Abstract: Background: International expert committee on the use of HbA1c to diagnose diabetes mellitus in 2009 and World Health Organization (WHO) in 2011 has advocated the use of HbA1c to diagnose diabetes mellitus. Objective: To determine and compare the relationship between the new cut off value of HbA1c with established criteria. Methods: Thirty-one hypertensive subjects attending Lagos University Teaching Hospital were recruited for HbA1c and standard oral glucose tolerance test. Fasting plasma glucose (FPG) and two-hour plasma glucose (2hrpp) value of e”126mg/dl and >200mg/dl were used as standard respectively for diagnosis of diabetes. The HbA1c of e”6.5% was used to diagnose diabetes. The performance and correlation of HbA1c with FPG and 2hrpp were calculated and results were compared. Results: Mean age of the subjects was 53.97±6.27years. The sensitivity, specificity, positive predictive value (PPV), negative predictive value (NPV), efficiency and correlation of FPG is 50%, 68%, 27%, 85%, 64% and 0.5 respectively while the sensitivity, specificity, PPV, NPV, efficiency and correlation of 2hrpp is 73.91%, 62.5%,85%, 41.66%, 70.97% and 0.73% respectively. There was a significant difference between FPG and 2hrpp interms of sensitivity, PPV and NPV. Conclusion: The results of HbA1c with 2hrpp has better correlation, sensitivity, and PPV compared to HbA1c with FPG.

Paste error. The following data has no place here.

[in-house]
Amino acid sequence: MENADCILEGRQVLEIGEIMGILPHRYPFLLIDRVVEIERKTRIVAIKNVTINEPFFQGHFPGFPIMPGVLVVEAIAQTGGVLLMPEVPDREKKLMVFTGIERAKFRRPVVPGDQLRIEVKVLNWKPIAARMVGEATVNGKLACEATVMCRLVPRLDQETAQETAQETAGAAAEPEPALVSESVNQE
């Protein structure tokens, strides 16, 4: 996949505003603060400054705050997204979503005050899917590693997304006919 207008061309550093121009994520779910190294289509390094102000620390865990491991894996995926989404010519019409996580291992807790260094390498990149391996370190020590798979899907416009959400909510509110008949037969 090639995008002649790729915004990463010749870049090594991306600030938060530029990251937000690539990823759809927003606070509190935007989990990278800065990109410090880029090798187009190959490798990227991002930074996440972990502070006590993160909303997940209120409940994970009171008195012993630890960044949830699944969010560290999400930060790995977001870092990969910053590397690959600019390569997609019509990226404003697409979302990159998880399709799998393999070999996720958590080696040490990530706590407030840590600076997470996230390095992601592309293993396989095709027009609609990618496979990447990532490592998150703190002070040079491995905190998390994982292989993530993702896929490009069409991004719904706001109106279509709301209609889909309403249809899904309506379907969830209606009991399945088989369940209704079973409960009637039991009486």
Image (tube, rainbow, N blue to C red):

Modeling the Transmission Dynamics of the Monkeypox Virus Infection with Treatment and Vaccination Interventions  [PDF]
Sulaiman Usman, Ibrahim Isa Adamu
Journal of Applied Mathematics and Physics (JAMP) , 2017, DOI: 10.4236/jamp.2017.512191